Scientists have uncovered a 400,000-year-old skull fragment in Portugal, which could point to a previously unknown ancestor to the Neanderthals.
Researchers made the discovery in 2014 in the Gruta da Aroeira cave in central Portugal, according to the study published in the journal Proceedings of the National Academy of Sciences ( PNAS ).
Little is known about the fragment or what type of early human it came from. The skull bears a mixture of traits—some link it to the Neanderthals, such as a fused brow ridge, while other features are representative of other extinct fossils in Europe, according to the journal Science.
Neanderthals are thought to be the closest ancestor to homo sapiens , the species to which all modern human beings belong. Modern humans first appeared in Africa around 150,000 to 200,000 years ago, before migrating out of the continent around 100,000 years ago. Neanderthals are thought to have occupied Europe and Asia from 200,000 to 40,000 years ago, when they went extinct.
The Portuguese fragment shares some features with bones discovered in Spain that are around 430,000 years old, and also shares traits with fragments found in southern France dating back 450,000 years. It is the oldest human cranium fossil found in Portugal and is the westernmost fossil ever found in Europe during the Middle Pleistocene period, which lasted from around 781,000 to 126,000 years ago.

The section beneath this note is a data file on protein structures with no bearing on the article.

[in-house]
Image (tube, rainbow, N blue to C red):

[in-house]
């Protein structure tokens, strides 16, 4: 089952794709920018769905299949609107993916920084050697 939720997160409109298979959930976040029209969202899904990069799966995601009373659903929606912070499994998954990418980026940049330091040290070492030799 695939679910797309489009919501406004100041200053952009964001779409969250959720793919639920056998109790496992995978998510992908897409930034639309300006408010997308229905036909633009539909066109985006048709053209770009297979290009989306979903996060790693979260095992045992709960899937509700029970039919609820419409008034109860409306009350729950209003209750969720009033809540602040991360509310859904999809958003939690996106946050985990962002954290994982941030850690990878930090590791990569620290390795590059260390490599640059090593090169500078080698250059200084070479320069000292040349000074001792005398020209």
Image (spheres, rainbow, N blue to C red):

“There is a lot of question about which species these fossils represent. I tend to think of them as ancestors of the Neanderthals,” the study’s co-author Rolf Quam, of New York’s Binghamton University, told AFP.
Quam said that he did not believe the fossil is a Neanderthal despite shared features, including a mass of bone near the ear called the mastoid process. He said that the researchers would continue examining the fragment in the coming years “to give a more complete picture of life in the area, life in the cave and the evolutionary place of this human in our ancestry.”
Researchers took a week to excavate the block of earth containing the skull and then two-and-a-half years to extract the fragment from the earth. The team used ancient stone hand axes to remove the fragment.Try Newsweek: Subscription offers